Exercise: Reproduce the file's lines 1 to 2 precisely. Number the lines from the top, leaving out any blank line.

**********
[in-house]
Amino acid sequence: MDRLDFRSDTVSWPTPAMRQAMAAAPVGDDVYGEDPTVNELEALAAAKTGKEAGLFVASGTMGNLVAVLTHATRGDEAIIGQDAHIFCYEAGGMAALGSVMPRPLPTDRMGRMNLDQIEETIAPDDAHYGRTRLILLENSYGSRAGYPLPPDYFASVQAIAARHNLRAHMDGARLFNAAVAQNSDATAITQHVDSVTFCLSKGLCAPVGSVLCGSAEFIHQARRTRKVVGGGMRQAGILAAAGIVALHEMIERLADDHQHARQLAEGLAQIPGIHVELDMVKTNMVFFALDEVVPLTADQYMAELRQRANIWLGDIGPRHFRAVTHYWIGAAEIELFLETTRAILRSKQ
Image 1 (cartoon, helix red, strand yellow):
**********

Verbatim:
[in-house]
Amino acid sequence: MDRLDFRSDTVSWPTPAMRQAMAAAPVGDDVYGEDPTVNELEALAAAKTGKEAGLFVASGTMGNLVAVLTHATRGDEAIIGQDAHIFCYEAGGMAALGSVMPRPLPTDRMGRMNLDQIEETIAPDDAHYGRTRLILLENSYGSRAGYPLPPDYFASVQAIAARHNLRAHMDGARLFNAAVAQNSDATAITQHVDSVTFCLSKGLCAPVGSVLCGSAEFIHQARRTRKVVGGGMRQAGILAAAGIVALHEMIERLADDHQHARQLAEGLAQIPGIHVELDMVKTNMVFFALDEVVPLTADQYMAELRQRANIWLGDIGPRHFRAVTHYWIGAAEIELFLETTRAILRSKQ